AIWS patients have episodic attacks of time distortion. In one reported case in the neurologic literature, average reaction times increased during AIWS attacks, then returned to normal afterwards. There has been many a lecture or faculty meeting I've sat through where I wished I had the "time speeding up" version of the syndrome. Alas, I appear afflicted with "time slowing to a crawl" AIWS.
The "time slowing down" sensation is common in times of stress. I was driving home on an icy road a few years ago when my car spun out and headed for a tree. Time, or my perception of it, slowed. I saw the car approaching the tree at an agonizingly slow pace. I seemed to perceive every little branch and pine needle. Then the car hit the tree, my glasses flew off my face, and time sped up again.
It all happened in a few seconds, of course, but it seemed to go on a long time. That "time slowing down" experience was studied a few years ago by David Eagleman, now a Stanford neuroscientist, in a genuinely cool experiment conducted at an amusement park. Volunteers were raised 150 feet into the air and then dropped into a net, so-called SCAD jumping. It is a terrifying experience, apparently, and the perception that time slows down is a common one.
But does the SCAD jumper really see things in slow motion? In Eagleman's experiment, the jumpers wore perceptual chronometers, which flash numbers so briefly that one cannot perceive them under normal circumstances. If things really slowed down for the SCAD jumper, he should be able to read the numbers. Alas, this is not the case. The numbers are still a blur. Eagleman suggests that what has changed is not perception of time, but rather memory processing.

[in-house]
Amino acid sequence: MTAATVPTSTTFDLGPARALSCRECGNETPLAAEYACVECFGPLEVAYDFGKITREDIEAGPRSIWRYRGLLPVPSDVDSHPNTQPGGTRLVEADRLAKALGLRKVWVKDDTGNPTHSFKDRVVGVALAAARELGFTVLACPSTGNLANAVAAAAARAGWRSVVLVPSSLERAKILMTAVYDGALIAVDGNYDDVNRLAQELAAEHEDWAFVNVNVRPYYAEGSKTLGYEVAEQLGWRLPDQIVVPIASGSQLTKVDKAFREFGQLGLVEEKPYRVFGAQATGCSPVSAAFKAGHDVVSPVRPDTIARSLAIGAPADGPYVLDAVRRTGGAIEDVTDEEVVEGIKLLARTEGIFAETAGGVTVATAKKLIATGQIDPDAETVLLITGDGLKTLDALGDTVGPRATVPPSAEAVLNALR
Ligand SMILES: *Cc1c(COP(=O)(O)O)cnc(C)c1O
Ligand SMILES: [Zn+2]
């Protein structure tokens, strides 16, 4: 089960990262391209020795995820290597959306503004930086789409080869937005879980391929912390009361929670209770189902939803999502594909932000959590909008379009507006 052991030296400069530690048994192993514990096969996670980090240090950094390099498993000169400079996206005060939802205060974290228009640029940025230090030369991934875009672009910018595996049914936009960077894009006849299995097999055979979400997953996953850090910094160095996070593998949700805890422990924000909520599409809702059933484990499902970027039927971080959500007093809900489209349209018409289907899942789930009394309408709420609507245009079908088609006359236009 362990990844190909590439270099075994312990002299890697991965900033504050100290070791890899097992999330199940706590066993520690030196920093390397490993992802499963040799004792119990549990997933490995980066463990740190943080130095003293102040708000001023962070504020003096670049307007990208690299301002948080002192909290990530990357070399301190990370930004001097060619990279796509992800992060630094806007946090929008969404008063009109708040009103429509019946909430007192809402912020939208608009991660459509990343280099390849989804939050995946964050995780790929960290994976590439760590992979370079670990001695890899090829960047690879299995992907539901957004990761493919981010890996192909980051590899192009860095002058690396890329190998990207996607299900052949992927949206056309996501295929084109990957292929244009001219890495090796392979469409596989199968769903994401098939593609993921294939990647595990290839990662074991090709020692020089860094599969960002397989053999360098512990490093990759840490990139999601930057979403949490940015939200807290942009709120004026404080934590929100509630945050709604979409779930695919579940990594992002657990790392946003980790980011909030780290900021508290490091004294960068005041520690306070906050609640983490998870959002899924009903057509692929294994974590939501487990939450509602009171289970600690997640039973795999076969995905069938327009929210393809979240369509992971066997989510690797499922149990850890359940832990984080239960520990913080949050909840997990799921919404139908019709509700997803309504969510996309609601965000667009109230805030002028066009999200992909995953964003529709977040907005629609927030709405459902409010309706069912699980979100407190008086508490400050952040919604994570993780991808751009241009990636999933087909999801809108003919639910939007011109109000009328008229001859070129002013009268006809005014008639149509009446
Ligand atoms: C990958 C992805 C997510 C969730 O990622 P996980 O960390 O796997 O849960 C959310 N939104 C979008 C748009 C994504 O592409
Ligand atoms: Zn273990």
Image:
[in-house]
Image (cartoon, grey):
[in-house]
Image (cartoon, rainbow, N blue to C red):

How do cancer patients perceive time? A 2011 Dutch study compared healthy cancer survivors with advanced cancer patients. Unsurprisingly, the healthy focus on the future, and the ill on the present. Somewhat to my surprise, patients with advanced disease experience the speed of time as being far slower than do healthy survivors. It is a frightening thought: being caught in a personal, inexorable horror where time slows to a crawl.
The neurologic basis of time perception has only been studied in recent years. Sofia Soares and her colleagues at the wonderfully named Champalimaud Centre for the Unknown in Lisbon, Portugal, have shown that manipulating midbrain dopamine neurons alters behavioral sensitivity to time. Transient activation or inhibition of dopamine neurons, in turn, slows down or speeds up time estimation. Does the cancer patient's experience of time have something to do with this phenomenon?
Ever since H.G. Wells, time travel has been a standard science fiction trope. The second law of thermodynamics seems a reasonable bar to traveling backwards in time: entropy is a beast. And even if you could, the paradoxes might get you: prevent your grandmother and grandfather from meeting, and you don't exist; if you don't exist, you can't prevent them from meeting, so you exist after all.
But I still can dream. Maybe I'd stay a day longer in Lisbon, have some fun in that lovely city, and avoid an awful flight. But then I'd be subject to the Airline Paradox: avoid one miserable air travel experience, and the universe artfully conspires to create an equally awful one. It seems an unalterable universal law, first discovered (perhaps) by Einstein while awaiting a flight from Berlin to Paris. Spooky action at a distance, or something similar.